Arburg

Is additive manufacturing ready for series production?

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Pushing for mass customisation

In comparison, mechanical properties like tensile strength, tear resistance, density, or changes in the chemistry of the raw material are crucial in the additive manufacturing of "real" functional components, says the machine manufacturer’s development expert. When asked about short-term trends, the experts from the Black Forest have this to say: “Generally, increasing product diversity, special customer-specific small-batch solutions and short life cycles will be arguments for an increasing number of plastic processing operations to integrate an additive manufacturing system into their operations."

At Fakuma 2015, Arburg demonstrated three Freeformers for industrial additive manufacturing. Under the main topic of "production efficiency", two exhibits were illustrating the "Industrie 4.0 – powered by Arburg" concept, producing individualised high-volume injection moulded parts for mass customisation. In order to automate the Freeformer, the Arburg experts have pooled their skills to devise a solution that is truly unique in the world of additive manufacturing, the company said. The machine now features a Euromap 67 interface that allows it to communicate with the robotic system. The cover is opened and closed fully automatically and the part carrier has also been adapted.

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For tool and mould makers, metal additive manufacturing is an increasingly implemented technology, as it allows to for example create complex shapes as needed for close-contour cooling channels. EOS in Krailing near Munich is a specialist for metal laser sintering technology. A selection of powders from aluminium, high-tensile maraging steel, stainless steel, and titanium to nickel and cobalt-chrome-alloys enables the flexible production of metal components. Recently, the company introduced the material "EOS Stainless Steel CX", an extremely corrosion-resistant high-tensile steel with excellent hardness. When asked about arguments for additive manufacturing, Peter Segrodnik says: “Generally, additive manufacturing has its strengths in areas where conventional production reaches its limit." According to Segrodnik, the technology comes in where construction, design and production must be rethought in order to find viable solutions. Additive manufacturing would enable a "design-driven manufacturing process” where design determines production - not the other way around! This is a clear statement aimed at the production of individual geometries that are difficult to manufacture with traditional techniques. EOS offers a high degree of design freedom, functional optimisation and integration, the production of small batch sizes at reasonable average costs and a high degree of product individualisation - also in series production. This makes it possible to utilise the benefits of additive processes in small series - a huge advantage in the manufacturing of components that cannot be produced with current technologies.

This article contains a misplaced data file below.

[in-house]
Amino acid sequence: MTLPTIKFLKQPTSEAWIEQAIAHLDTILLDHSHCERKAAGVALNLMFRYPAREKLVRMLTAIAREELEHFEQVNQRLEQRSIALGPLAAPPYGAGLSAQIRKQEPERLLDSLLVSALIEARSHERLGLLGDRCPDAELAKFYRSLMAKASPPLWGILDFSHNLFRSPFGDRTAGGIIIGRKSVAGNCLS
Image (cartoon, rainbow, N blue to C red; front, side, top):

Industrialising additive manufacturing

At the last Formnext exhibition in Frankfurt, industrialisation, including how to move AM into mass production was a dominating topic as well. For instance, visitors were able to virtually explore Additive Industries' Metal-FAB1 industrial metal AM system, which celebrated its world premiere at the exhibition. The Eindhoven (NL)-based company is dedicated to bringing metal additive manufacturing for functional parts from "lab to fab", it says, by offering a modular 3D printing system and seamlessly integrated information platform to high-end and demanding industrial markets. The machine's multiple build chambers with individually integrated powder handling make this industrial 3D printer the first to combine up to four materials simultaneously in one single machine, the company explained. Furthermore, more and more companies offering complementing technologies are co-operating to move AM to the next level – including the mould and die making sector.

Additive manufacturing enables the production of metal mould inserts that feature conformal cooling to ensure and control temperature homogeneity for shorter cycle times. GF Machining Solutions and EOS collaborate to integrate AM into companies’ production process, because additive manufacturing is not employed as stand-alone technology in the mould shop. “Many solutions we have developed together with our customers are a combination of additive and substractive manufacturing processes,” EOS founder Dr Hans J. Langer says. “So from a strategic perspective it was a logical step to partner with one of the leading machine tool companies in the mould and die sector, in this case GF Machining Solutions.”

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